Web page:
Sponsored by:

Comment, blog & share photos

Log in | Become a member
The Honolulu Advertiser

Posted on: Saturday, April 13, 2002

State Farm to raise rates

By Frank Cho
Advertiser Staff Writer

The state's largest auto insurance company is preparing to announce its first rate increase in more than 10 years — a move that will cost Hawai'i drivers nearly $6 million annually.

State Farm Mutual and its affiliate State Farm Fire and Casualty Insurance will increase rates by an average of 6.9 percent and 7.3 percent, respectively. The increases will be announced Monday and become effective May 15, affecting about 120,000 drivers statewide.

The company last raised rates in October 1991.

State Farm attributed the new increases to higher medical and car repair costs.

"What people pay individually will depend on where they live, the coverage they carry and how they use their cars," said Carolyn Fujioka, a spokeswoman for State Farm in Honolulu.

Fujioka said that the state insurance division has already approved the rate increase and that State Farm planned to post the notice on its Web site, StateFarm.com, on Monday. The state insurance commissioner could not be reached for comment last night.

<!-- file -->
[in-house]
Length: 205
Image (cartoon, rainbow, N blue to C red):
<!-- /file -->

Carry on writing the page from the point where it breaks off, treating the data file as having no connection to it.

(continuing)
State Farm Mutual, which covers the majority of drivers for the company, said personal-injury protection will see the biggest increase at 44.7 percent. The so-called PIP coverage is a component of the overall auto premium. Collision will rise 10.8 percent; emergency roadside service, up 9.1 percent. Uninsured Motor Vehicle coverage will drop 5.1 percent.

State Farm Fire and Casualty, which covers drivers who cannot qualify for coverage under State Farm Mutual, will raise rates on its PIP coverage 43.3 percent. Coverages for emergency roadside and collision will rise 10.3 and 9.5 percent, respectively.

State Farm said it based the rate increases on data from the previous 3 1/2 years of claims.#034;With this increase, rates are still 31 percent lower than they were in 1997," Fujioka said. "If you look at rates over a long period of time, you do see increases and decreases and we had been on a downward trend for some time."

State Farm reduced its rates several times since 1997, most recently in February 2001 when it cut its rates an average of 9 percent.

Fujioka said that while it's hard to know for sure, the company is not contemplating reducing auto insurance rates for the foreseeable future.

Reach Frank Cho at 525-8088, or at fcho@honoluluadvertiser.com.